The new world has ushered in a new era of organizational change. There has been a massive increase of working from home or hybrid working. So many jobs can be done from the comforts of home or a remote location. Without long commutes, there’s no need to wake up at absurd hours to get to the office on time. They can work from wherever they want. 

But the question remains. Has this new work-from-home environment increased productivity or hurt productivity, in the long run? 

“People feel that productivity has gone up with the work from home model. I think that’s a false positivity, meaning, it might have gone up initially, right? Because I don’t have to commute two hours to work anymore. I don’t have to go pick up my kids, because they’re homeschooling or whatever it might be,” said Mohring. “The fact is, you know, in my own personal home, I’m about 20 feet away from my kitchen?. I might be working 10 hours with only maybe five hours of productivity.” 

Why GainX? 

What was the driving force behind GainX? 

“I love this question,” she answers. “I got really tired of the glass ceiling. If I’m honest, I was a bit surprised to find out the glass ceiling (in terms of fundraising) is even thicker than it is working in technology as an executive.” 

Mohring is a big thinker, and in addition to shattering that glass ceiling, she wanted to do something significant that would allow her to always keep learning. “I wanted to build a company that I would never be bored in. I wanted to solve an almost impossible problem in the world. Learning is one of my passions and this allows me to continue to do that.”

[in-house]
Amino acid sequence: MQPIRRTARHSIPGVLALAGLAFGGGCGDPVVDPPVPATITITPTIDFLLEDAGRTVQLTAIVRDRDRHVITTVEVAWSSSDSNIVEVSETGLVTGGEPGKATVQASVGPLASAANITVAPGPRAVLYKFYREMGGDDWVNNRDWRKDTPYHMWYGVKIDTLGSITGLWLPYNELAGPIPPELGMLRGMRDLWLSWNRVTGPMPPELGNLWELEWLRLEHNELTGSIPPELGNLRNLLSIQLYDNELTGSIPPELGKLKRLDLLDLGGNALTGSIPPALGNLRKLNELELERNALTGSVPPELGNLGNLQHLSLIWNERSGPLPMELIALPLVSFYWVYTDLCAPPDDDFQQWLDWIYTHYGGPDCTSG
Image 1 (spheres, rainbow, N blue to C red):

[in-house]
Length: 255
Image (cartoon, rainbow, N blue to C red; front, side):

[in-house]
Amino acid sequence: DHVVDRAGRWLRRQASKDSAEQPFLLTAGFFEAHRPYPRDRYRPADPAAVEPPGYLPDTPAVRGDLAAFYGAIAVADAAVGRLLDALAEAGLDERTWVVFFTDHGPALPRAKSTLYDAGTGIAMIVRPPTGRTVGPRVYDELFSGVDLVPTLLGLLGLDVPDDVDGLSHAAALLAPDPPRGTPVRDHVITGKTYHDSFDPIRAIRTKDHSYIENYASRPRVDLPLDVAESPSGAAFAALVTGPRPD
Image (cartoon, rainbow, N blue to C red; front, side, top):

Putting mental health first 

“I think that one of the things that we all struggle with as women is putting ourselves first. I mean this in a number of different ways, from our health to our well-being to taking time just to read a book instead of trying to learn something new.” 

Balancing work life, social life, family, mental health and everything else is an eternal struggle for everyone. After she suffered multiple traumatic brain injuries, Mohring made a change in her priorities. “I ultimately decided that instead of them being equal priorities, my health will continue and always be, number one. The fascinating thing that I found is everything else in my life got more successful, including my business.” Mental health and well-being don’t have to be sacrificed for success. 

“Put yourself first and I promise you everything will follow anyway.” 

Advice for other women entrepreneurs 

Mohring has one other major piece of advice for women entrepreneurs. “Go for the gold and know that you can do it. It’s okay if it takes a bit longer than you may expect. You can solve big things and do big things. All of us can.” 

She has seen situations where leaders and other companies have gotten too big, too fast and ended in collapse. “I wonder what would have happened if somebody a little bit more risk-averse in terms of how to conservatively manage was there, but still had those goals in place?” 

“Get up on the podium and just don’t compromise.”

For more on GainX, visit

Learn how Lauren Washington is closing the gender funding gap with artificial intelligence. And for more feature stories from Lioness Magazine, click here!

About the author

Jacob Albrecht

Jacob Albrecht is a recent graduate of Emerson College with a degree in Sports Communication. His greatest passions are sports such as Formula 1, family and spending time in the beautiful states of Maine and Vermont.